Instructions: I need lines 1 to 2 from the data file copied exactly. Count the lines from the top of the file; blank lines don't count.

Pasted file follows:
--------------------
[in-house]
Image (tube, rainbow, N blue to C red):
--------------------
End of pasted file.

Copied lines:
[in-house]
Image (tube, rainbow, N blue to C red):